While the term seems rather… wordy, initial-stress-derived nouns are something that can be a dead giveaway when telling a native English speaker and a very proficient non-native speaker apart. So, what is it exactly?
Initial-stress-derived nouns, simply put, is a process in English whereby the stress of a verb moves to the first syllable in the word when it becomes a noun or adjective. Still confused? Here are some examples:
Record (v): “I forgot to record my TV show.”
Record (n): “Usain Bolt has broken the 100m world record again!”
Permit (v): “I’m sorry, Dave. I can’t permit you to do that.”
Permit (n): “Looks like my parking permit has expired.”
Insult (v): “There’s no need to insult me!”
Insult (n): “That movie was an insult to my intelligence.”
Even though I’ve highlighted the stressed syllable in bold, native English speakers can do this automatically via context, on the fly, just as we can instantly differentiate between read (“I love to read books”) and read (“I read 3 books last week”). Sometimes the spelling of a word will change, which helps (e.g. envelope / envelop), but there are a surprisingly large number of initial-stress-derived nouns in the English language that are spelled exactly the same but pronounced differently, and we use them every day without even thinking about it.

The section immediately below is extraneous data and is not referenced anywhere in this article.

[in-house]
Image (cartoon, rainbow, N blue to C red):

For a non-native English speaker, this kind of flexible word stress can be a minefield, and something that they may never fully master. In a way, initial-stress-derived nouns are something of a “secret handshake” for English speakers.